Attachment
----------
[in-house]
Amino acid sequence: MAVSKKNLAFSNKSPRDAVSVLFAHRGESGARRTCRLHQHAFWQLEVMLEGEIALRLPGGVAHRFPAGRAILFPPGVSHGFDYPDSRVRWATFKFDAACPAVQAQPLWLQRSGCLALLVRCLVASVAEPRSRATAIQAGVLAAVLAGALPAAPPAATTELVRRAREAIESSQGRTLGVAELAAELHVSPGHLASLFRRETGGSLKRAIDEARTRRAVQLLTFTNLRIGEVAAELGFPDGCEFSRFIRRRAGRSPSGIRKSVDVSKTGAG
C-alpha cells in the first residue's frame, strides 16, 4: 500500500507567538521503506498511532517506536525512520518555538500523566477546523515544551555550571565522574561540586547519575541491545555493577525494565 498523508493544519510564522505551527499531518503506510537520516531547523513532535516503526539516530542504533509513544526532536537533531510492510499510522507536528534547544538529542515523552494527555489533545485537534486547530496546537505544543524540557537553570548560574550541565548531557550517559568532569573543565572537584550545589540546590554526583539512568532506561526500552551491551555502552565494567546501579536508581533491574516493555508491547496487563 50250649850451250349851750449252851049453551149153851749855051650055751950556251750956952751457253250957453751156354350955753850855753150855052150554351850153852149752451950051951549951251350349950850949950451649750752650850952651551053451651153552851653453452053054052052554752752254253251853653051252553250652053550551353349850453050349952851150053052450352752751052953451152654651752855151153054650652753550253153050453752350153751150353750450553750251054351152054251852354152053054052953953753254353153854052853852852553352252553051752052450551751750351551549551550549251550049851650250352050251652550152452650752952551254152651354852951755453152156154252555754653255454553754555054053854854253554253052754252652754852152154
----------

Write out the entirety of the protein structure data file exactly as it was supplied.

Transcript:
[in-house]
Amino acid sequence: MAVSKKNLAFSNKSPRDAVSVLFAHRGESGARRTCRLHQHAFWQLEVMLEGEIALRLPGGVAHRFPAGRAILFPPGVSHGFDYPDSRVRWATFKFDAACPAVQAQPLWLQRSGCLALLVRCLVASVAEPRSRATAIQAGVLAAVLAGALPAAPPAATTELVRRAREAIESSQGRTLGVAELAAELHVSPGHLASLFRRETGGSLKRAIDEARTRRAVQLLTFTNLRIGEVAAELGFPDGCEFSRFIRRRAGRSPSGIRKSVDVSKTGAG
C-alpha cells in the first residue's frame, strides 16, 4: 500500500507567538521503506498511532517506536525512520518555538500523566477546523515544551555550571565522574561540586547519575541491545555493577525494565 498523508493544519510564522505551527499531518503506510537520516531547523513532535516503526539516530542504533509513544526532536537533531510492510499510522507536528534547544538529542515523552494527555489533545485537534486547530496546537505544543524540557537553570548560574550541565548531557550517559568532569573543565572537584550545589540546590554526583539512568532506561526500552551491551555502552565494567546501579536508581533491574516493555508491547496487563 50250649850451250349851750449252851049453551149153851749855051650055751950556251750956952751457253250957453751156354350955753850855753150855052150554351850153852149752451950051951549951251350349950850949950451649750752650850952651551053451651153552851653453452053054052052554752752254253251853653051252553250652053550551353349850453050349952851150053052450352752751052953451152654651752855151153054650652753550253153050453752350153751150353750450553750251054351152054251852354152053054052953953753254353153854052853852852553352252553051752052450551751750351551549551550549251550049851650250352050251652550152452650752952551254152651354852951755453152156154252555754653255454553754555054053854854253554253052754252652754852152154